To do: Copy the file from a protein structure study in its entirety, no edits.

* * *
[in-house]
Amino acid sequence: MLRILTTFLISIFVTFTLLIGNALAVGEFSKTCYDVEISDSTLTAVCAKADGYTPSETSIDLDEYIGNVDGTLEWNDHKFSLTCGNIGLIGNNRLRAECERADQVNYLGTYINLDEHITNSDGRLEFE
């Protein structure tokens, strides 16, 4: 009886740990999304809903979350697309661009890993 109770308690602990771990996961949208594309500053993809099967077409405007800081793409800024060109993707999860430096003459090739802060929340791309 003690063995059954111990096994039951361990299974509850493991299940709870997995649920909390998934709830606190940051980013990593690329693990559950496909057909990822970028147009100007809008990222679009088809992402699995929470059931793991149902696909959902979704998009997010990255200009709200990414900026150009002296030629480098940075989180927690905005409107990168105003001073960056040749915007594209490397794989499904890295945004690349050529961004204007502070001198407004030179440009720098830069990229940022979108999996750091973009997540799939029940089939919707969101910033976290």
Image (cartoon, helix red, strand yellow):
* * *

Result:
[in-house]
Amino acid sequence: MLRILTTFLISIFVTFTLLIGNALAVGEFSKTCYDVEISDSTLTAVCAKADGYTPSETSIDLDEYIGNVDGTLEWNDHKFSLTCGNIGLIGNNRLRAECERADQVNYLGTYINLDEHITNSDGRLEFE
């Protein structure tokens, strides 16, 4: 009886740990999304809903979350697309661009890993 109770308690602990771990996961949208594309500053993809099967077409405007800081793409800024060109993707999860430096003459090739802060929340791309 003690063995059954111990096994039951361990299974509850493991299940709870997995649920909390998934709830606190940051980013990593690329693990559950496909057909990822970028147009100007809008990222679009088809992402699995929470059931793991149902696909959902979704998009997010990255200009709200990414900026150009002296030629480098940075989180927690905005409107990168105003001073960056040749915007594209490397794989499904890295945004690349050529961004204007502070001198407004030179440009720098830069990229940022979108999996750091973009997540799939029940089939919707969101910033976290």
Image (cartoon, helix red, strand yellow):